* Risk of conflict before 2011 election - report
* Instability a threat to resource investment
* International community should demand reforms - report
By Richard Valdmanis
ABIDJAN, May 26 Cameroon faces the risk of
growing unrest before elections in 2011 due to public
disenchantment with President Paul Biya and the slow pace of
reforms, International Crisis Group said in a report on Tuesday.
Internal conflict in the oil producing nation, which is
viewed as one of central Africa's most stable countries, would
be a setback for regional democracy and unsettle billions of
dollars' worth of energy and mining investments.
"The failure of reform and continued poor governance mean
people no longer believe in the rule of law or peaceful
political change," warned ICG, an independent thinktank.
"Multiple risks of conflict exist in the build-up to
presidential elections in 2011 and beyond."
Biya, 77, came to power in Cameroon in 1982 and has held
sway since, often thanks to elections the opposition says were
unfair. In 2008, he orchestrated a constitutional re-jig
removing term limits that set off violent street protests but
allowed him to stand for the elections expected next year.
Opposition leaders have already accused Biya of attempting
to take control of the electoral commission to increase his
chances of winning in 2011.
Once-healthy oil production is declining. Figures released
on Tuesday showed Cameroon produced 6.09 million barrels of
crude oil in the first quarter, down 13 percent from the same
period in 2009 and little more than 50,000 barrels per day.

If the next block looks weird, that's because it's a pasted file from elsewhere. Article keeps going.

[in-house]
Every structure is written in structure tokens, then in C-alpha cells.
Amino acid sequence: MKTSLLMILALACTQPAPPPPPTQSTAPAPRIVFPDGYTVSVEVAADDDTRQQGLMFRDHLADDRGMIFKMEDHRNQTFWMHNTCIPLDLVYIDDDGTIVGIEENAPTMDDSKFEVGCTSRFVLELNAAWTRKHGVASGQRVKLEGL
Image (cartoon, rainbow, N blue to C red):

While Biya's government has announced plans to triple
electricity generation by 2020, power shortages are holding back
mining projects vital to diversifying the economy.
"The economy is weighed down by corruption and inertia, and
the population sees very little from what economic growth there
has been, mainly through exploitation of natural resources," ICG
said in the report.
The Communications Ministry said it had no immediate comment
on the report.
Neighbours and other international players should apply
financial and political pressure on Biya's government to push
reforms and prevent internal conflicts like those seen in West
Africa's Guinea and Ivory Coast, ICG said.
"The problems are of legitimate wider concern and present a
classic case of possible early conflict prevention," it said.
ICG added that the succession is a worry. "The end of Paul
Biya's presidency, only the second the country has known, is
likely to be fraught with risk. But it could also be an
opportunity to initiate the reforms needed to ensure the
country's longer-term stability," it said.
Major resource companies including oil giant Total (TOTF.PA)
and miner Rio Tinto (RIO.L) are active in Cameroon.
For a FACTBOX on Cameroon's energy and mining projects,
click here: [ID:nGEE5B60IZ] [ID:nLDE6040NI]
(Reporting by Richard Valdmanis; editing by David Stamp)